Original Zinn: Conversations with David Barsamian

Original Zinn: Conversations with David Barsamian

by Howard Zinn

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Historian, activist, and bestselling author Howard Zinn has been interviewed by David Barsamian for public radio numerous times over the past decade. Original Zinn is a collection of their conversations, showcasing the acclaimed author of A People's History of the United States at his most engaging and provocative.

Touching on such diverse


Historian, activist, and bestselling author Howard Zinn has been interviewed by David Barsamian for public radio numerous times over the past decade. Original Zinn is a collection of their conversations, showcasing the acclaimed author of A People's History of the United States at his most engaging and provocative.

Touching on such diverse topics as the American war machine, civil disobedience, the importance of memory and remembering history, and the role of artists—from Langston Hughes to Dalton Trumbo to Bob Dylan—in relation to social change, Original Zinn is Zinn at his irrepressible best, the acute perception of a scholar whose impressive knowledge and probing intellect make history immediate and relevant for us all.

Editorial Reviews

Publishers Weekly
Zinn's newest book (of more than 20 published) collects eight radio interviews conducted with the Boston University history professor emeritus between August 2002 and February 2005 by Barsamian, founder of Alternative Radio, in Boulder, Colo. Barsamian, who is clearly sympathetic to Zinn's radical views on such subjects as the war in Iraq, art and civil disobedience as political tools, Martin Luther King Jr. and the Kennedy brothers, largely poses softball questions. The octogenarian Zinn thrives on them, explaining cogently and forcefully why world peace must predominate, rather than American military might, or how artists challenge established social boundaries. In discussing domestic politics, Zinn continues his decades-long advocacy of pulling up the poor through social engineering rather than failed programs already in place. The book closes with the text of a speech by Zinn, "Against Discouragement," which he presented at Spelman College in 2005, where he had been fired in 1963 because of his crusading for civil rights. Enthusiasts who hang on Zinn's every word will enjoy this slim paperback original; newcomers may be better off starting with his more substantial work. (July) Copyright 2006 Reed Business Information.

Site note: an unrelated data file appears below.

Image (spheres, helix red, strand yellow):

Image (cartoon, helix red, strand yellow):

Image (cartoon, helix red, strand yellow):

School Library Journal
Adult/High School-A collection of eight of Zinn's interviews with Barsamian for public radio during the last decade, plus Zinn's 2005 commencement address at Spelman College. These conversations cover a range of topics, but especially late-20th-century American imperialism and the resistance and dissent that it has engendered. From an informed and steadfast leftist point of view, Zinn lashes out against the American war machine, with a particularly strong criticism of the Bush administration's invasion of Iraq. His theme is clear and persistent: we need to know the truth of what is happening and has happened in the arenas of national and international politics, and we must preserve this truth as part of our collective memory if there is to be any hope of avoiding the social injustices of the past. This is not only Zinn's theme, but also his mission in life. Whether or not one agrees with his political stance, it is hard to deny his keen intellect, vast knowledge, and passion for the rigors of scholarship. The less-formal nature of these conversations, as opposed to traditional historical writing, will be welcomed by those wanting to dip into the political history of the recent past without devoting too much time and energy to doing so. Zinn has a gift for making complex historical subjects immediate, comprehensible, and even tantalizing for average readers. There is a large measure of insight and passion in these conversations, and enough to make history and politics subjects of direct relevance to many teens.-Robert Saunderson, Berkeley Public Library, CA Copyright 2006 Reed Business Information.
Kirkus Reviews
Historian Zinn (History, Emeritus/Boston Univ.) and radio anchor Barsamian have opinionated discussions of America's history, politics and foreign policy in eight interviews from 2002 through 2005. Zinn describes America as a nation paralyzed by fear and deluded by spin on the brink of an unnecessary Iraq War-suppositions that were derided at the time but are now widely supported. He assesses the ideology and tactics of the civil-rights movement to advise today's progressives on how to merge non-violence and direct action for social change. In these interviews, Zinn sounds more impressed with everyday American heroes than famous politicians, yet he is conversant on both topics. His views cannot be easily defined by partisan politics. There are plenty of rebukes to go around, including criticism of political, corporate and media elites across the political spectrum. Zinn backs up his ideas with facts and anecdotes, so the transcripts are intellectually provocative, even when readers do not agree with the conclusions. As an interviewer, Barsamian does not exercise the same discipline. Some of his questions are sloppy. He asks if The Godfather is a good metaphor for how U.S. foreign policy operates on a mafia code, but Zinn demurs. Another question covers New Mexico's ties to atomic-bomb testing while describing past violence toward Native Americans as "perhaps even the first 9/11"; Zinn has to take time to carefully untangle the confusion. Barsamian is also supportive to a fault-there are few challenges to Zinn's ideas, even for the sake of sharpening the arguments at hand. As a set of transcripts, this is quite readable, but those new to Zinn would be better off with A People's History ofthe United States.

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Original Zinn

Conversations on History and Politics
By Howard Zinn

HarperCollins Publishers, Inc.

Copyright © 2006 Howard Zinn
All right reserved.

ISBN: 0060844256

Chapter One

Can the System be Fixed?

Kgnu, Boulder, Colorado

August 8, 2002